As I mentioned at the beginning of this post, I’m not sure how I feel about this new beginning. I feel the story itself is quite good – well, has the potential to be quite good – but I miss Woodley, and Cally and Georgie and all the rest. I really fell in love with that whole story-world and its characters, and I did it quite quickly! I still vividly remember how I felt when I left the coffee shop on that first day, after writing the first two chapters of Seven Turns. I felt like my feet weren’t even touching the sidewalk as I walked to my car. I was over the moon – and wishing I had someone I could talk to about what I was feeling! But there wasn’t anyone, at the time. That is actually a large part of the reason I created this blog, to tell you the truth. Just to have someone to talk to about how excited I was about my story, even if it was just a theoretical audience.

Well, I have a wonderful circle of writerly friends, now, and a real-world audience. And I was pleased with myself, yesterday, but not floating. I felt accomplished, but not in love. Cally et al are a hard act to follow, it seems. I like my new MC well enough. And I’m starting to get a little turned-on by the new love-interest, even though he’s only appeared for a few seconds so far. I’m looking forward to discovering the new town and its denizens. It really is a beautiful and intriguing place!

But I remain skeptical, somehow. I really hated having to say goodbye to Woodley, and now this new world feels kind of like a new pet. You know – one you adopt after losing one you’d loved for so long. You know you’ll come to love the new pet just as much in time – and you will! But it hasn’t happened yet.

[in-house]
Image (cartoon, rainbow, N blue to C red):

The Inn at night

I guess I should be excited about finding out how it’s going to happen. Well, my new MC is a skeptical type herself, so maybe she and I will figure it all out together!

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2 thoughts on “And so it begins. Again…

  1. Hi there. Glad to read you are writing again, but creative breaks are nice, and necessary. Question, you wrote: “… being forced to slow down, if only to keep my handwriting legible, does give my brain time to imagine details and make connections to future scenes in the story.” Re the ‘future’ scenes, when you are in the flow of writing and one of these connections appears in your thoughts, do you jot those down on a separate piece of paper, or do you just add the notation right in-line with the rest of your writing and keep going? Thanks!

    1. Hi, Ann! I usually jot them in the notebook column. Except my columns are already often full with sentences I need to insert, when I type the page in, at the location to which I’ve scrawled a doodly arrow! So I make the “future thought” notations in the blank space at the top of the page. Those, when I go to transcribe my scribbles to the computer, go in a big “To Do” document. I don’t always use all these ideas but I save them all anyway – sometimes they work better in a future volume!

      Do you write by hand, or directly on the computer? Or both? Which do you find works better for you?